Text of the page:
Well, you’d think. But, there are a lot of really old flutes floating out there that people find and try to play. It’s really hard to tell the difference between the old good ones, and the old not-good ones because some companies started out as the reputable brands back in the nineteen sixties, for example, and then changed their manufacturing process or venue (for example, started factories overseas) which resulted in a lower quality grade of metal or less precision in following exact design etc. -Just something to think about..
Or, some companies originally had real master technicians that would check through the instruments before they were sent out to stores to minimize defective instruments from getting through the line. This is a really good thing, and not all companies do it anymore. The flutes are stamped out in a factory with machines, boxed up, and send out to stores and customers without being checked. It happens!
Since the flute is such an intricate instrument. Honestly, it has to be manufactured correctly or the instrument simply will not last. Parts will fall off, get bent, prematurely brake, and if it is made of cheap material like soft, low-quality silver or nickel, it will not be easy to be put back together.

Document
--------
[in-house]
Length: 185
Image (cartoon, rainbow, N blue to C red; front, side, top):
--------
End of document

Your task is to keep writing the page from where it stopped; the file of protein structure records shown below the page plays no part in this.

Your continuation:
Sound dramatic? Haha, It definitely sounds that way as I say it. No worries, there are plenty of really great flutes out there for you to make your choice from. It’s just nice to know that a little education will go a long ways, don’t you think?
The second thing we are wanting is a flute that is designed well in the first place so that we sound good on it, right? Since the actual sound of an instrument is the whole point of playing it in the first place, this makes total sense.
Each maker puts his or her own spin on the flute design, and that’s why there are so many different brands. It’s crazy how many there are nowadays. Years ago there were a number of core companies that made the flutes and that’s all we used to know about. Now, with technology and sales being global, new instrument brands are popping up constantly.